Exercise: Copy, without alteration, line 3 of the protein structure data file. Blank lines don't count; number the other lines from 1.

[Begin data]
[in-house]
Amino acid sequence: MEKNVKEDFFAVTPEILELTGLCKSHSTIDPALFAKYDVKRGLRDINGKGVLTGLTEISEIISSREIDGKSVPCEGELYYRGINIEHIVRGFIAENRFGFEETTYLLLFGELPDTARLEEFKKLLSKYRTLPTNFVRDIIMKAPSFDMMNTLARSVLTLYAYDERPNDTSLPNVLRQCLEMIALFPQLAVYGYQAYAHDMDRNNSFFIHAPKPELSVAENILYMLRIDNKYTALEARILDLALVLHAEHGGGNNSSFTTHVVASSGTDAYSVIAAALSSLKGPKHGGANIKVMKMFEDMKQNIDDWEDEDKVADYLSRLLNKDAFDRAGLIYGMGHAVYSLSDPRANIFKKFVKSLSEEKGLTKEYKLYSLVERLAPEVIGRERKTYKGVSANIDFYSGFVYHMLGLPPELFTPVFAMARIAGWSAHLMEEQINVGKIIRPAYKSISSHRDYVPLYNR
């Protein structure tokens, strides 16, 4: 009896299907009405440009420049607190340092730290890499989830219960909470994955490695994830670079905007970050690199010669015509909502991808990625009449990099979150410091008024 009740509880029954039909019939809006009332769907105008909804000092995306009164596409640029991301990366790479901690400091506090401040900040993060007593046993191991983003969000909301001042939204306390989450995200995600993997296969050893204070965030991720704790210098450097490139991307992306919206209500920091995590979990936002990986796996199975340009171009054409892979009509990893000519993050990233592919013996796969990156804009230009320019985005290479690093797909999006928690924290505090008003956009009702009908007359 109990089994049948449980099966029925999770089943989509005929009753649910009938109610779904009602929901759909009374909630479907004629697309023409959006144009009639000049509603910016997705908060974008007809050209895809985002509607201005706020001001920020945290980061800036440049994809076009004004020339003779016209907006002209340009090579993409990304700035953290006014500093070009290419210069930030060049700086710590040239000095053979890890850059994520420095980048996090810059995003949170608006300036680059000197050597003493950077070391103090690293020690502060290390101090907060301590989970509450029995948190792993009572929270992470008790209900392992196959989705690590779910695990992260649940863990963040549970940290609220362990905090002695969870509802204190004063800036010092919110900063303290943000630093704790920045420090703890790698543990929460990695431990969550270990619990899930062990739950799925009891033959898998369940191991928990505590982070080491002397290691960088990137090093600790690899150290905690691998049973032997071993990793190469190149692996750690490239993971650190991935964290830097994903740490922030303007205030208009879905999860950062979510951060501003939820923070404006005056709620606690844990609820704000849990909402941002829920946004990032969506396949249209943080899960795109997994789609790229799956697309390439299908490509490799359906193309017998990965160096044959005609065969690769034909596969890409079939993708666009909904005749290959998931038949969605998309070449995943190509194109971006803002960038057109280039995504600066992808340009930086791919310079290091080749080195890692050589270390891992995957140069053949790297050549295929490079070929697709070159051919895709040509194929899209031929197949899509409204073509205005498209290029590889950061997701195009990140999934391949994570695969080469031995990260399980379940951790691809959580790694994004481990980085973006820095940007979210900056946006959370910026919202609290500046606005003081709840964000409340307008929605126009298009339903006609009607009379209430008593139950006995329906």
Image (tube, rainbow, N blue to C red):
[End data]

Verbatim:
């Protein structure tokens, strides 16, 4: 009896299907009405440009420049607190340092730290890499989830219960909470994955490695994830670079905007970050690199010669015509909502991808990625009449990099979150410091008024 009740509880029954039909019939809006009332769907105008909804000092995306009164596409640029991301990366790479901690400091506090401040900040993060007593046993191991983003969000909301001042939204306390989450995200995600993997296969050893204070965030991720704790210098450097490139991307992306919206209500920091995590979990936002990986796996199975340009171009054409892979009509990893000519993050990233592919013996796969990156804009230009320019985005290479690093797909999006928690924290505090008003956009009702009908007359 109990089994049948449980099966029925999770089943989509005929009753649910009938109610779904009602929901759909009374909630479907004629697309023409959006144009009639000049509603910016997705908060974008007809050209895809985002509607201005706020001001920020945290980061800036440049994809076009004004020339003779016209907006002209340009090579993409990304700035953290006014500093070009290419210069930030060049700086710590040239000095053979890890850059994520420095980048996090810059995003949170608006300036680059000197050597003493950077070391103090690293020690502060290390101090907060301590989970509450029995948190792993009572929270992470008790209900392992196959989705690590779910695990992260649940863990963040549970940290609220362990905090002695969870509802204190004063800036010092919110900063303290943000630093704790920045420090703890790698543990929460990695431990969550270990619990899930062990739950799925009891033959898998369940191991928990505590982070080491002397290691960088990137090093600790690899150290905690691998049973032997071993990793190469190149692996750690490239993971650190991935964290830097994903740490922030303007205030208009879905999860950062979510951060501003939820923070404006005056709620606690844990609820704000849990909402941002829920946004990032969506396949249209943080899960795109997994789609790229799956697309390439299908490509490799359906193309017998990965160096044959005609065969690769034909596969890409079939993708666009909904005749290959998931038949969605998309070449995943190509194109971006803002960038057109280039995504600066992808340009930086791919310079290091080749080195890692050589270390891992995957140069053949790297050549295929490079070929697709070159051919895709040509194929899209031929197949899509409204073509205005498209290029590889950061997701195009990140999934391949994570695969080469031995990260399980379940951790691809959580790694994004481990980085973006820095940007979210900056946006959370910026919202609290500046606005003081709840964000409340307008929605126009298009339903006609009607009379209430008593139950006995329906």